Experiencing the innovation happening in the Scottish Highlands

Cranfield Aerospace Team at Fresson statue in Scotland

Cranfield Aerospace Solutions (CAes) visited Scotland last week to experience firsthand the incredible innovation happening in the Scottish Highlands around zero-emissions flight.

What was the trip?

The purpose of the visit was for the CAeS team to see the Britten-Norman Islander – the aircraft which CAeS is converting to hydrogen-propulsion, in its natural environment performing short hops and serving rural communities in and around the Highlands.

Accompanied by Cranfield University and Cranfield Airport representatives, a key facet of the trip was to develop a deeper relationship and understanding of what Highlands and Island Airport and the Sustainable Aviation Test Environment (SATE) project happening at Kirkwall Airport, the European Marine Energy Centre (EMEC), and the Orkney Island Council are doing around hydrogen infrastructure.  

The idea being that Cranfield as a future innovative hydrogen hub can learn from what’s happening in the Highlands, and learning can be reciprocated when we eventually fly from Cranfield. After all, collaboration is key to enabling zero-emissions flight.

Meeting the European Marine Energy Centre

A fascinating part of the trip was meeting with the European Marine Energy Centre (EMEC); seeing their combined heat and power hydrogen generator and learning about the tidal energy projects that were underway.

We were pretty blown away by the level of innovation in the Orkney Islands; a lot of the innovation happening is being driven by Orkney people and not from people coming in. It’s like its own little ecosystem of forward-thinking, open minded, intelligent people.

Experiencing a Loganair flight from Kirkwall to North Ronaldsay

The highlight had to be experiencing a Loganair flight on a Britten-Norman Islander from Kirkwall to North Ronaldsay, which gave us a real feel for the love that the locals have for the aircraft. The Islander is an absolute lifeline for the people of remote communities in the Highlands.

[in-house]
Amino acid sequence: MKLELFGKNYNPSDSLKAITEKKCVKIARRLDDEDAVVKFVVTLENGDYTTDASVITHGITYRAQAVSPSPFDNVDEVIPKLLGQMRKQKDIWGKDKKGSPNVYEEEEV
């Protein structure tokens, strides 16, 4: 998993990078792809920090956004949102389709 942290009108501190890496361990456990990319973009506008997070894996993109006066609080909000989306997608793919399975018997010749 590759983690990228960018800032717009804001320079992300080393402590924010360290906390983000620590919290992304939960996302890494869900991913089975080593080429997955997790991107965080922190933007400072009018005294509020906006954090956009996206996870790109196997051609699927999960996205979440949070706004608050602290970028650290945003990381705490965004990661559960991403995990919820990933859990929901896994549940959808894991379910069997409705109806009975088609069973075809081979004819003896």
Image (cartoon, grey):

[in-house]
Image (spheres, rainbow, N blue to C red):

My colleague, Sam Lambert, who is CAeS’ Business Development Manager said: “Everyone we spoke to were so excited about the concept of hydrogen and zero-emissions becoming a reality, and the fact that the aircraft will be quieter too.”

A visit to the Loganair hangar was also on the agenda where we were able to talk Loganair’s Chief Pilot through the technology of the converted Britten-Norman Islander and what it is capable of.

Alongside Loganair’s Head of Sustainability Strategy Andy Smith, we spoke to the Herald Scotland about how we an Loganair are working closely on developing a ‘new wave of aviation that is emissions free.’

Click here to read the full article.

Opportunity of further services as a result of hydrogen aircraft

The Orkney Island Council were particularly interested in how a hydrogen-powered Islander could provide further services. For example, there are many teachers who have to fly into remote schools on a daily basis and currently its difficult for them to work on the scheduled flights for the general population. Thus, an additional zero-emissions flight could be tailored for them.

The team also met with Mark Shiner of the University of Highlands and Islands, who is quickly becoming the world’s authority on the safety of hydrogen. He works predominantly in the marine industry but his learnings can be transferred to the aviation sector, and will be instrumental in understanding protocols for airlines and operations using hydrogen.

Concluding thoughts

Overall CAeS’ visit to the Scottish Highlands was one of collaboration, learning and positivity. The level of ambition and positivity up there is infectious; it’s definitely something we want to emulate down at Cranfield.

Find out more about our hydrogen-powered aircraft solution here.